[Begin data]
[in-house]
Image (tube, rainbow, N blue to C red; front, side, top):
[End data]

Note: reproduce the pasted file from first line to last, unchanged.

[in-house]
Image (tube, rainbow, N blue to C red; front, side, top):